Find out about the natural history of Te Urewera and the plants and animals you can see there today.

For centuries Te Urewera has been home to the Tuhoe people or the 'Children of the Mist' in reference to the tradition that they are the offspring of Hine-puhoku-rangi - the celestial mist maiden. Tuhoe traditions are strong and their links with this land run deep.

The area is formed from young mudstone, siltstone and sandstone, mostly about 10 -15 million years old. These sediments were originally part of the sea floor, but about two million years ago uplift brought them above sea level. Erosion has since created major valleys like Aniwaniwa, Whakatane, Waimana and extensive ridges like Panekire.

Major geological faults show as zones of weaker rock along which the main north flowing rivers (Whakatane and Waimana/Tauranga) have carved their valleys. The western escarpment of the Ikawhenua Range - a striking feature seen on the approach to Te Urewera from Murupara - is also a major fault where the volcanic crust of the central North Island has pulled away from the uplifted block of mountain country to the east.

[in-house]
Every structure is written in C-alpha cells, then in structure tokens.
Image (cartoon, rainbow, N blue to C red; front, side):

In the southern part of Te Urewera lie two of its treasures, Lakes Waikaremoana and the smaller Lake Waikareiti. Waikaremoana was formed 2,200 years ago by a huge landslide, which blocked a narrow gorge along the Waikaretaheke River. Water backed up behind this landslide to form a lake up to 248 m deep. In 1946 a hydroelectric development lowered the lake level by 5 m.

The land left exposed when the lake was lowered is slowly regenerating while all around the lake misty mountains stretch off into the distance, cloaked in ancient podocarp and beech forests.

The vegetation of Te Urewera is a green cloak, mantling countless ridges. There are more than 650 species of native plant present in Te Urewera. The forest is comprised of mainly beech forest in the southern end and a mix of predominant rimu and tawa in the north. The vegetation pattern is not static; over the years volcanic activity, fire and storms have all left their mark. Introduced possums and deer cause significant change and hunting of these species is encouraged.

As much of Te Urewera is remote and not easily accessible this has helped protect much of its native wildlife. Te Urewera is unique in that it contains a full complement of North Island native forest birds (except weka) including threatened species like kiwi, kokako, kaka, falcon and the distinctive whio or blue duck. The northern part of Te Urewera has the largest remaining kokako population in New Zealand.

Te Urewera Mainland Island

Te Urewera Mainland Island is one of a number of mainland islands set up to protect and restore habitats through intensive management of introduced pests.

Find out more about Te Urewera Mainland Island.

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